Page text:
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Relationships
Inner Steps to Take Before Approaching Effective Conflict
Inner Steps to Take Before Approaching Effective Conflict
09/12/2018

By Deva Joy Gouss
www.healingheartcommunications.com


It is not always possible to pause with yourself before engaging in conflict with your partner.  But if you can create the pause, it will serve you greatly to do your own inner work before entering into the dialogue with your partner. Often when we just jump into the fight, we hope for something that we don't get. This is usually because when fighting happens without forethought, either one or both people are triggered into their primal brains. 

This is the reason for our fight/flight/freeze response, which just doesn't bear great fruits for resolution. When you can, push a pause button and take some time with yourself before further engaging. Granted, it's a hard thing to do because the egos are so ready to jump in and make their points and be right. Of course, beneath the drive to be right is the deep desire to be heard and understood, which is exactly why it is important to harness the ego, pull it back and create a time out for yourself. 

By spending time with yourself before re-approaching your partner, you will feel more grounded and able to respond versus react. You will be more centered and able to articulate respectfully.

Here are the steps to take for your inner preparation before conflict resolution with your partner:
  1. When you notice that escalation is taking place and your body sensations are shifting into the anger signals of fight, flight or freeze, ask for a "pause" and state to your partner that you would like to take a "time out" before going further, with the intention of coming back and continuing the conversation. If you can, give a time when you will check back in with him or her, even if that means that at that time, you re-negotiate for more time.

  2. When you step away, do not keep going over the narrative in your head that fuels the anger. This is very important because if keep fanning the flames of the argument, your biochemistry won't have a chance to readjust and you will stay in the fight/flight/freeze mode.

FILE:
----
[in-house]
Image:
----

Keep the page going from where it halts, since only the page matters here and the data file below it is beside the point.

3. When you are alone with yourself, name the feeling you are having and the bottom line complaint. Then, notice what sensations you are feeling in your body? 

  4. Then, do a memory finder and ask yourself, "When have I felt this before?" Allow the movie of your life to play in your head and trace back to when you have experienced this before. 

  5. Once you tap into this information, do something self-soothing and physical to change how you feel inside. Take in some sun rays, listen to the birds, drink some water or pet your cat or dog. Or, jump up and down, do yoga, breathe deep, make sounds, go for a walk or run.   

  6. Once you have shifted, reflect back on the conflict with your partner. Name the behavior(s) of your partner that triggered these feelings. 

  7. Ask yourself if there were any boundaries that were overstepped in some way by your partner that you need to reinstate. 

  8. Reflect on your own behavior and notice if you were off the mark in any way that contributed to this conflict that you can own when you discuss this situation with your partner.  

  9. Take a little more time to restore your sense of balance with yourself, making sure you are anchored into being okay with yourself and not looking for that from your partner.  

  10. When you feel clearer with your thoughts, more spacious and less constricted, reflect on the qualities of your partner that you count on and value.

  11. You might even take a moment to step into his or her shoes and glimpse into why your partner might have acted in the way that he or she did.

Now, you are ready to have a healthy discussion with your partner. Let him or her know that you are ready to bridge and contract for a time to talk that is good for both of you. Honor yourself for taking these inner steps that make a difference in both your relationship with your partner - and yourself!



Deva Joy Gouss, LCSW, is an experiential psychotherapist in Atlanta for thirty-three years. Working within group, couple and individual settings, she also integrates energy medicine, polarity touch, yoga, trauma resiliency therapy and the power of ritual. For over two decades, she gives monthly workshops from Marrying Yourself to Nourishing Your Love for Couples. She is author of Toolbox of Hope: For When Your Body Doesn't Feel Good and Rearranged, Never the Same: The Nature of Grief. www.healingheartcommunications.com Permission granted for use on DrLaura.com.
Tags: Attitude, Behavior, Mental Health, Relationships, Values
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